The BBC’s rebooted version of Worzel Gummidge will be an “oasis of calm” amid the hectic nature of other TV shows, star Sir Michael Palin has said.
The popular walking, talking scarecrow first appeared in children’s literature before being memorably portrayed on the small screen by Jon Pertwee between 1979-81.
Gummidge has now been adapted for TV again by the writer and actor Mackenzie Crook, who plays the title role.
Sir Michael stars in the two hour-long specials as Green Man, the creator of the scarecrows, and said the show will offer something different.
“It’s kind of different in tone from an awful lot that is on television,” he said.
“Because it’s usually in your face, noise… it (Worzel Gummidge) is just calm, and you have to listen and you have to watch, and I think the more TV like that the better really, otherwise we’re just getting everyone shouting for attention; ‘Look at me, look at this programme, go and look at that channel’.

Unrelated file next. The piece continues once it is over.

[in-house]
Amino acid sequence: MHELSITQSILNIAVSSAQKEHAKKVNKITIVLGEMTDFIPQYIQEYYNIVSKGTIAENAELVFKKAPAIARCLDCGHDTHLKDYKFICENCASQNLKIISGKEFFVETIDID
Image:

“This is just an oasis of calm. It’s also a lovely oasis to be in, because it’s warm and friendly and extremely silly.”
Sir Michael, 76, is best known for being part of the Monty Python comedy group, as well as for his travel programmes.
He revealed he had no second thoughts about taking the role of Green Man and said he “greatly admires” Crook’s work, including comedy series Detectorists.
However, Sir Michael did admit to having “some insecurities” over whether he was the right man for the job.
“I thought, ‘Why me?’ Then you start to get some insecurities that it should be somebody else.
“But that was really why I took it on; it was a wonderful script, it had something to say, it also had some substance to it. Very funny, but also quite moving and says things about where we are now.
“And I love that the Green Man, apart from being like a walking tree, he’s the spirit of the old countryside, and I think it’s really, really important, and something Mackenzie feels very strongly about, that that is sadly disappearing.”
Worzel Gummidge is inspired by the classic books by Barbara Euphan Todd.
The TV adaptation airs on BBC One on Boxing Day and Friday, December 27.